CHICAGO -- From expanded bike lanes to garden rooftops, Chicago is trying to lead the way in reducing its carbon footprint.
Be Green, be sustainable, eco-friendly projects are popping up everywhere.
Here are just a few:
House on George Street
At the end of George Street in Roscoe Village you’ll find a house that looks a good little different and it’s called “the most sustainable home ever built in Chicago” by its developer Ryan Kolar.
The five bedroom, 4,700 square foot house has an outside made of recycled brick and wood from a 100-year-old barn.
Inside, there are the repurposed steel stairs to and doors made of old mahogany floors.
There’s a system that recycles shower and faucet water to be used in the toilets. Strategically placed windows and a skylight help reduce a home’s biggest energy eater.
“Heating and cooling should literally be an eighth of what people are currently paying for a house this size,” Kolar said.
Kolar’s green home in on the market for one and a half million dollars. He’s gotten a lot of interest and is waiting for a sale.
Kolar calls his house a prototype. He hopes to move on to more moderately priced sustainable homes once this one sells.
Chief Sustainability Officer Chris Wheat explains that Retrofit Chicago is a voluntary program that partners building and home owners with environmental consultants in finding ways to cut out that carbon footprint.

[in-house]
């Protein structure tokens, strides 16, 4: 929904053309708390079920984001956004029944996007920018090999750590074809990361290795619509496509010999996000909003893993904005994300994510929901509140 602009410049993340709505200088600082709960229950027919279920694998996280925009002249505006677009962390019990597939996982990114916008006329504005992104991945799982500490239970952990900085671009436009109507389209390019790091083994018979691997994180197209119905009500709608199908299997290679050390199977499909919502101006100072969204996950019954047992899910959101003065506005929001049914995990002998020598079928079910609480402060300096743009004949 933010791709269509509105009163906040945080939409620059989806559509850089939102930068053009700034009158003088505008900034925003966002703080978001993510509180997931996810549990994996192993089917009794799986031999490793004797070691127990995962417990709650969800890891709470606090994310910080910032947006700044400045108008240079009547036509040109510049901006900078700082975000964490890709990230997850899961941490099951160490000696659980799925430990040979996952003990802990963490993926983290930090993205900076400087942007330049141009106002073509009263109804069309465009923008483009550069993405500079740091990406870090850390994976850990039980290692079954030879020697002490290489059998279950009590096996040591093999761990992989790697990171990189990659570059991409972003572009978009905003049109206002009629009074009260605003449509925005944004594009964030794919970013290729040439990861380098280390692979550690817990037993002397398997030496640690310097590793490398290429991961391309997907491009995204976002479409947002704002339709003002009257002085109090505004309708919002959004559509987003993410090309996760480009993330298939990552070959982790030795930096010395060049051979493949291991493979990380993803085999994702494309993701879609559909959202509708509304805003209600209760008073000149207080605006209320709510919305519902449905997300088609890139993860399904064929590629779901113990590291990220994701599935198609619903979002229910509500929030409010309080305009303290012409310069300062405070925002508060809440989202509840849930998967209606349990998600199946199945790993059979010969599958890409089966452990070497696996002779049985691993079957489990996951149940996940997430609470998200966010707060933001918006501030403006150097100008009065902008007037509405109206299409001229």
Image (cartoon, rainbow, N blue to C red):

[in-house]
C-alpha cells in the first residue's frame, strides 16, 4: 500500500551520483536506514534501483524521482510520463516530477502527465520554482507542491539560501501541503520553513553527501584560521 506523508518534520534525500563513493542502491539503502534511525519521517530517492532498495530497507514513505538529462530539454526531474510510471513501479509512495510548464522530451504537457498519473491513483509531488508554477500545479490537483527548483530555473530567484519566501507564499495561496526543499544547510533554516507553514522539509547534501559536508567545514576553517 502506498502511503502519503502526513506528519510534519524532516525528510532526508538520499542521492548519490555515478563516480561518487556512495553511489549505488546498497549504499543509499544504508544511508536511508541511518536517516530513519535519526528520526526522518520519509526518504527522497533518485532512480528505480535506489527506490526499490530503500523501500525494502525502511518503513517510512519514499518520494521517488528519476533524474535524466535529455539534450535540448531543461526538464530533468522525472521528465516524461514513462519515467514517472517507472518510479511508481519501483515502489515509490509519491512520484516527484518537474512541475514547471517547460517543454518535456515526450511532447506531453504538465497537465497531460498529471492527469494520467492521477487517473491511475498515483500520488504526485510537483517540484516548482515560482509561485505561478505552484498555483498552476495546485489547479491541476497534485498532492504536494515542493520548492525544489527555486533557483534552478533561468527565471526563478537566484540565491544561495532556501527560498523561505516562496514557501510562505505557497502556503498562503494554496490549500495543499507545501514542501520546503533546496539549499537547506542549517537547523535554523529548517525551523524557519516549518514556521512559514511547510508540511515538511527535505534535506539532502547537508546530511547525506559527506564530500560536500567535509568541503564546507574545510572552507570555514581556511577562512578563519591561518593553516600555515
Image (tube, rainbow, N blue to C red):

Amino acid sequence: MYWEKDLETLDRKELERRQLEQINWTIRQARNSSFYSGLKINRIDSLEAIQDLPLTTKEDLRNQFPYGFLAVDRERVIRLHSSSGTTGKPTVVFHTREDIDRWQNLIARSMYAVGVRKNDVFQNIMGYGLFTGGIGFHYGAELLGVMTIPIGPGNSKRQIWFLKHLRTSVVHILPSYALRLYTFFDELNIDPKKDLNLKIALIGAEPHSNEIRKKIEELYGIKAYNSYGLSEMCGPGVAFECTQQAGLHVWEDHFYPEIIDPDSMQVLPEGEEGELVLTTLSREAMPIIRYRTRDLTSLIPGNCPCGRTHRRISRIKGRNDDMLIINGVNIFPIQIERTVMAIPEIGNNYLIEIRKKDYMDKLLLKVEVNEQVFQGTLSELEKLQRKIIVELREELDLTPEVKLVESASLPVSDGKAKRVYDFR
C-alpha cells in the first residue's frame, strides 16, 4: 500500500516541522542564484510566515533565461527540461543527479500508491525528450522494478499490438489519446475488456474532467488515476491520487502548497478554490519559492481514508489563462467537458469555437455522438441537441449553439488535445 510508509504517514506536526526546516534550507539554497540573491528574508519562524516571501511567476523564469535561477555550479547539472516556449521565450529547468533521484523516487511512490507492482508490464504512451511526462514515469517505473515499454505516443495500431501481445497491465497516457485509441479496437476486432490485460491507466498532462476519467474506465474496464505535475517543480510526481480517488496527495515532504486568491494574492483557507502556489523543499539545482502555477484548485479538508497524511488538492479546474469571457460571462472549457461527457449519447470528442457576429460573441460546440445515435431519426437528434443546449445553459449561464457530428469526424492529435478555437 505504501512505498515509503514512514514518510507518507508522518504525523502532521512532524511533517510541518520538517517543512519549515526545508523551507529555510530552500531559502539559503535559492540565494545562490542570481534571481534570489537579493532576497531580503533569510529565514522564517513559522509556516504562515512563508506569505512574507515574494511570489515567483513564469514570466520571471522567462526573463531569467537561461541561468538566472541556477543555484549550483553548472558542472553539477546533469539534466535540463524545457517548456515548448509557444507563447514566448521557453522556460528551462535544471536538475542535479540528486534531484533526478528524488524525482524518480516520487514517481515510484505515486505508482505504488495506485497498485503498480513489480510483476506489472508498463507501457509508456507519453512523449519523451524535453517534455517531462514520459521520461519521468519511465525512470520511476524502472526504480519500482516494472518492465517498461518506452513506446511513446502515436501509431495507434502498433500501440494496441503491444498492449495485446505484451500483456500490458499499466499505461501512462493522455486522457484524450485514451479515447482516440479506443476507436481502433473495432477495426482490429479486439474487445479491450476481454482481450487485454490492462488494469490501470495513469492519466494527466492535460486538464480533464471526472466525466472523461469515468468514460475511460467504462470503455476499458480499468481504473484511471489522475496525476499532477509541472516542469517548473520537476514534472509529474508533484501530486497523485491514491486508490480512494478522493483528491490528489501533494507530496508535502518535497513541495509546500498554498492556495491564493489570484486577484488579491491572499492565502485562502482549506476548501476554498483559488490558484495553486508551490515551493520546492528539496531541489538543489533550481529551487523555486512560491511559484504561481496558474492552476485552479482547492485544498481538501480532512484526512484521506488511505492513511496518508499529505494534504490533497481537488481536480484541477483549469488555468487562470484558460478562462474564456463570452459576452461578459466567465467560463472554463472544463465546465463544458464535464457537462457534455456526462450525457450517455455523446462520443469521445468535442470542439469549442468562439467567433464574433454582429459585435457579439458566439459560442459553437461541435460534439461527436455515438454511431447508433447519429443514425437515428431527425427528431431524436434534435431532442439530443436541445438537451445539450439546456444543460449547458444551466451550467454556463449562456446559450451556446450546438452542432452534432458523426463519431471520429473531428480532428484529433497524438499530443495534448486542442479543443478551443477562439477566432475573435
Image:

“Buildings like the Rookery has reduced energy by 20 percent through things like improving their lighting, improving their heating and cooling,” he said.
Lighting costs for the Rookery’s iconic lobby dropped more than 90 percent by switching from incandescent to LED light bulbs. Seventy-nine buildings have joined Retrofit Chicago including the the Architectural Foundation high-rise on Michigan Avenue and the Institute of Cultural Affairs in Uptown.
Solar Power Initiatives
The effort to go green reaches all ages. A team of 50 Northwestern University students created a home to compete in what’s called the Solar Decathlon, a U.S. Department of Energy competition where student led teams design and build solar-powered houses.
The international competition in Denver last month focused on ten different categories. Northwestern took first place in two, communications and marketability. They also won the unofficial Kid’s Choice award for the “coolest house.”
Tips for a greener home:
You don’t have to buy a new house to be sustainable. Here are some ideas from our experts on how to green your home ranging from simple costs to long term investments:
- Swap your lightbulbs to LED bulbs.
- Buy Programmable thermostats to save on heating and cooling.
- Get a rain barrel. Most communities provide them at cost or free.
- Replace 10-to-15 year old appliances with energy star or WaterSence appliances.
- Buy Solar panels. In the long run, you’ll watch your energy costs disappear.